Q. I never leave for youth group without my _____

A. ability to be flexible. I plan what I am going to say, and in some cases send the “planned” talk ahead. Sometimes what I’ve planned gives way to what God plans. In youth ministry (and ministry in general), nothing can shock you!

Q. What resource has inspired you for ministry lately?

A. Purpose Driven Youth Ministry and Soaring with Eagles have inspired me. These books have blessed me to open my mind and perspective as to how to be a blessing to this generation.

Q. What do you do in your free time?

A. I like bowling, playing in the water (beach or pool), roller coaster rides, spending time with family, watching a good movie, cooking and trying new restaurants with Liane. I have also written two books and am working on a third.

Q. Where would you like to travel someday?

A. I would love to go to Africa.

Devin and Gaby Mulder

Q. If your students described you in five words or less, what would they say?

A. That’s easy! “Devin and Gaby are crazy!” We hear this just about every week, but they continue to come and bring their friends, so we assume it’s a positive thing.

Q. What do you do in your free time?

A. In the little free time we have, I love to sew clothes for myself and Devin engineers tall bikes (a double-frame bike that sits five feet tall).

Q. What’s the craziest thing you’ve ever done for a youth group fundraiser?

A. Our craziest youth ministry fundraiser is the Chili Cook-Off Dinner and Auction, which raises funds for sending kids to Serve. Directing 40+ teens while trying to put on a nice dinner for the congregation usually feels like being at a zoo where they’ve opened all the cages! Even in the chaos, it ends up being one of the best fundraisers of the year and the teens always work really hard to make the event a hit.

Q. Where would you like to travel someday?

A. We’ve both had the privilege of traveling around the world, so our next dream visit would be to Nepal. It sounds a little cliché right now since everyone is going to help with earthquake trauma (which is totally valid), but Devin’s best friend has taken several mission trips there and is now moving to Nepal long term. We want to plan a trip to witness the seeds he has sown in that country.

Q. What is one website you visit every day?

A. If I’m being totally honest, Pinterest has me tied around its finger. I’ll usually look at Pinterest more often than my emails. Devin enjoys passing time with a good laugh, so he usually watches comedic videos on YouTube.

Fall “Faces of ThereforeGo” Part 1

The following is an excerpt from the ThereforeGo Fall Magazine. To read more, click here.

Brian Bierenga

Q. What’s your favorite place to meet with students, and why?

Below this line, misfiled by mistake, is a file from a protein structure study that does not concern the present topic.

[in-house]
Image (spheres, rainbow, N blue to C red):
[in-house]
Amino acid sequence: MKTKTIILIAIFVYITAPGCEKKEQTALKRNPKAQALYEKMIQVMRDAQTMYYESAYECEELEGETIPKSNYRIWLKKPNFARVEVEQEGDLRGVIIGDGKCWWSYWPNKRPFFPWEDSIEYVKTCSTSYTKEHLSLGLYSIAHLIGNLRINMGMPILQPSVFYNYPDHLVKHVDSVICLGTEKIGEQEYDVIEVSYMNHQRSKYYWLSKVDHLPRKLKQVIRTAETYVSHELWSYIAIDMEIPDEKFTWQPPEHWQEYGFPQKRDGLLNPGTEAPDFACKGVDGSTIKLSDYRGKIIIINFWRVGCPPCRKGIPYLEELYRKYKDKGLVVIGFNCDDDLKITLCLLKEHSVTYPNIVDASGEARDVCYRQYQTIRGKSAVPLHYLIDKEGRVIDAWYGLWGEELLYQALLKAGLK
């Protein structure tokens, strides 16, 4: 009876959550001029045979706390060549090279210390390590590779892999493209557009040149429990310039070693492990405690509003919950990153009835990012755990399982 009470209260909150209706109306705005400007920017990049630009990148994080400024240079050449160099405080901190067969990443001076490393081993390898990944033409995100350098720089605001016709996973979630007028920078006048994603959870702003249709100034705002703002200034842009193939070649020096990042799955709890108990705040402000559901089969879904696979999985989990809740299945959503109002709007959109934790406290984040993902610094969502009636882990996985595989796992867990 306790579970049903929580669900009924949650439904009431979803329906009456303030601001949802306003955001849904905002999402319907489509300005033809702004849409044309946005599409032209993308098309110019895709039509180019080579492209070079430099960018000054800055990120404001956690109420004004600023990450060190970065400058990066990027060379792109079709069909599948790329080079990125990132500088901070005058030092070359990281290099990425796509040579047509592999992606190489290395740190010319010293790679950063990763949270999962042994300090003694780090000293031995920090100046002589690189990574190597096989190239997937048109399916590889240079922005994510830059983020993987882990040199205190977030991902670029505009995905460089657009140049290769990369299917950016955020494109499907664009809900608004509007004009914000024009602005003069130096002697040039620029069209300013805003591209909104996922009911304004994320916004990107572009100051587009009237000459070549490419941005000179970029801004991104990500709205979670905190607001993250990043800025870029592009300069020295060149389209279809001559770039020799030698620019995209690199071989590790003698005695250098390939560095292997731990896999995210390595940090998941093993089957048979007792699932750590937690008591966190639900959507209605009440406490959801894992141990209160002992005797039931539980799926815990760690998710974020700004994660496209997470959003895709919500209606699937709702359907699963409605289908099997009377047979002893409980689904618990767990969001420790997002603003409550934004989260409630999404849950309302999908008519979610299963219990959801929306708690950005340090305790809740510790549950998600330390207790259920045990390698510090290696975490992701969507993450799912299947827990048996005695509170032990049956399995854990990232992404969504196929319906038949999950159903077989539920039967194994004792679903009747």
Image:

A. Starbucks – because the students enjoy it and I’m a sucker for earning those “stars”.

Q. What do you do to stay relevant to youth?

A. It’s all about relationship. While I appreciate the “heart” behind this question and understand that it’s a common question among youth workers, I find it a little strange. I have two kids of my own, ages 7 and 9, and I would find it strange it someone asked me how I remain relevant to them. Although there’s always room for improvement, I think most parents would say they’re able to connect well with their own kids because they’re in relationship with them. The same applies with my students; I aim to always be in relationship with them as if they were my own kids so that the connection happens naturally.

Q. I never leave for youth group without my ____

A. CB radios for the vans because they’re tons of fun. And a can of Febreze to secretly freshen up the guys’ stinky laundry piles while they’re away on free time.

Q. What resource has inspired you for ministry lately?

A. I regularly listen to the “Defining Moments” leadership podcasts from Willow Creek when I run. I’m also enjoying the book Creativity Inc. by Ed Catmull (head of Pixar and Disney animation) much more than I thought I would. In addition to some great Pixar stories, Ed has great ideas on intentionally creating the culture you want among your team.

Q. What do you do in your free time?

A. I enjoy time with my kids, running, cooking or working on my yard or car. I don’t sit still very well.

John Bijl

Q. Where could we find you at 10:00 AM on a Saturday morning?

A. I would either be grocery shopping with my wife, doing weekend chores around the house or having breakfast at a local restaurant. I love going out for breakfast.

Q. What’s your favorite place to meet with students, and why?

A. I love to meet at local coffee shops because I love the atmosphere in these places and even though coffee shops can be busy, it is still a great place to relax and get to know where the students are at.

Q. I never leave for youth group without my _____

A. iPad, which has all of my notes for announcements as well as my Bible. Once, I did leave it in the youth room while I got something from my office and I came back to a series of “selfies” some of the students had done in the five minutes I was gone.

Q. What’s the craziest thing you’ve ever done for a youth group fundraiser?